Music

The Best Indie Pop of 2017

These ten bands share a perspective on the world that doesn't shy away from tough questions or feelings.

From a certain angle, the tropes and styles associated with indie pop music -- twee affectations, basically -- are everywhere these days. Or at least in TV commercials where sweater-wearing would-be hipster couples skip around, hug and shop. That has nothing to do with what indie pop means to me.


Neither should we get too distracted by the way that strains of '80s synthpop have filtered through the indie world and made their way into the sounds of mega pop stars. That may be interesting in its own right, but what we're looking at here are the year's most interesting and exciting albums from idiosyncratic pop-leaning musicians with a DIY spirit. They're in conversation with past scenes and sounds -- many of these bands share influences -- yet none are merely the sum of those influences; all put their own stamp on familiar styles and approaches.

One major home-base for exciting indie pop this year was Australia (especially Melbourne and vicinity). There are four Australian groups on this list, and there were several more waiting in the wings. What this year's batch of ten artists share overall, beyond geography or musical lineage, is a perspective on the world that doesn't shy away from tough questions or feelings.

Indeed, these songs don't exist in a bubble, they're not cloistered in a cutesy dream-world. They're not the musical equivalent of the cocooning hipsters in their sweaters going to Target or wherever. They are directly engaged with the world around them, beautiful and brutal as it is. It's a genre for misfits and critical thinkers. As Fred Thomas sang on one of this year's albums, "We all navigate the having of bodies and histories." This is the sound of navigation.

10. Gingerlys: Gingerlys (Topshelf)

On their debut album, Brooklyn's Gingerlys play melodious music that can sometimes resemble a maze built of beguiling dreams. Guitars and synths commingle with a sense of uncertainty. The music's pretty but has a rough edge within, even a purposeful incongruity among the instruments. Jackie Mendoza's unshowy singing is dour beyond the surface. Gingerlys might seem sugar-sweet and fresh but there's a provocative melancholy, too.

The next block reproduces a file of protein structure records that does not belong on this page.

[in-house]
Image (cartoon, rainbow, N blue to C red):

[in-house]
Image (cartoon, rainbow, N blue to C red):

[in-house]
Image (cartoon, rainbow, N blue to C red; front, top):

9. The Courtneys: II (Flying Nun)

Somewhere between bubblegum and garage-rock, the Courtneys sing sweetly yet fiercely about relationship angst over loud guitars. The music moves like waves, in time with the emotions of the songs. Those emotions tilt towards a general uncertainty and unease with life and one's place in it – but there's also a feeling of pleasure derived from living that unease to its fullest. Some songs are exuberant about being freewheeling in life, while others expound upon crushes in a way that seems void of the hope that finding and getting 'the one' will really make one's life more fulfilling.




8. Perfume Genius: No Shape (Matador)

On the fourth Perfume Genius album, Mike Hadreas goes even further to take his intimate, anguished piano ballads and blow them up into high drama. Check out the cinematic moment of explosion that comes one minute into the first song. The pummeling, up-staging countenance of the album manages tofurther accentuate the emotions in his songs of love and pain. It ends up as the most diverse Perfume Genius album, even as it adopts a very particular mix of revelation and anthem.



7. Pregnancy: Urgency (Lost and Lonesome/Emotional Response)

Featuring members of the Melbourne-based indie pop groups the Ocean Party, Ciggie Witch and Totally Mild, Pregnancy take clear inspiration from the music of the immediate post-punk era, with arrows pointing towards new wave. With co-lead vocals from Zac Denton and Ashley Bundang, the songs are based on steady interplay and movement. They're more rhythmic than those of their other bands in the sense that the upbeat rhythms are less conventionally rock-based, more dancefloor-leaning. It's dark in tone, romantic and shadowy.


6. School Damage: School Damage (Chapter)

You can call this punk if you'd rather, for its spirit. The debut album from Melbourne's School Damage begins with a declaration that there are no new ideas left ("every pop song has been sung / every image has been drawn") and proceeds to show us why that doesn't make art and music any less thrilling. ("Try Something New", a song later in the album tells us.) Theirs is a bittersweet sort of rag-tag rebelliousness, with ruminations on the pain and confusion of being alive, the distance between me and you, between our current self and past selves. Even their most minimalist sketches are a bounty of feelings and ideas.

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